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Toronto Cyclists January 12, 2010

Posted by huymix in Politics, Sports.
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With a report that showed Toronto commute times doubling in the last 10 years, a lot of talk inevitably comes out that brings up: HOV lanes, more TTC subways/rapid transit/buses, and bike lanes. The last part comes from a relatively small, but highly vocal group of people and sometimes they have valid points. Unfortunately for Toronto cyclists, there are a few reasons why they are generally, and in the foreseeable future, dismissed by the public at large. While I can respect Toronto cyclists as people, there are a lot of reasons I dismiss them when they bring up bike lanes or other topics (generally all they talk about is bike lanes or that guy who stole a crap load of bikes):

  • All they ever talk about is bike lanes. They have the same problem that the Green Party had. The problem is that they are perceived to be a one-note group. So for the longest time the Green Party was a bit of a joke because all everyone thought the party platform was about the environment and not about other political issues. Toronto cyclists are perceived to be a broken record of “more bike lanes, more bike lanes, more bike lanes” and never really articulate anything else. That get’s played out very quick.
  • Attitude. Again I will draw a parallel here. Cyclists have the same problem as Prius drivers had (and many still have). If you cycle in to work everyday there is at least the perception (which may or may not be true) that you feel superior to those that drive. I’m not saying that everyone feels this way and that all cyclists do, but again the perception is out there for the group as a whole.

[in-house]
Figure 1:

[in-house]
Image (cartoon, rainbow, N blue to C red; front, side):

• Cyclists play the victim card too much. Sympathy is a well that can go dry very quickly with the public (if there is any) and cyclists are too quick to dig for sympathy. What I mean is, a lot of representatives like to point out how dangerous it is to cycle in Toronto and how drivers are careless/rude/mean to cyclists which I’m sure is true. However, Toronto drivers are well aware of the dangerous and reckless cycling that goes on as well. When you see cyclists going ahead on a red or cycling between cars and sometimes hitting stuff any sympathy you have for cyclists quickly goes out the window.

At the end of the day, cyclists are a small but not insignificant group of commuters in Toronto. While bike lanes would probably help with improving cyclist safety, bike lanes will not solve the perception of Toronto cyclists. Anytime I hear someone is a cyclist I will generally reply with a “that’s good for you” but if anyone starts to moralize to me about how I should bike to work that’s when he or she will promptly be ignored.